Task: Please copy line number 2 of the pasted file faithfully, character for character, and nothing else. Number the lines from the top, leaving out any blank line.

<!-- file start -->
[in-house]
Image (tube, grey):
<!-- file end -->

Image (tube, grey):